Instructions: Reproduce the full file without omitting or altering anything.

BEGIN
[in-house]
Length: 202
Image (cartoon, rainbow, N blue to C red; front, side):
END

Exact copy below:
[in-house]
Length: 202
Image (cartoon, rainbow, N blue to C red; front, side):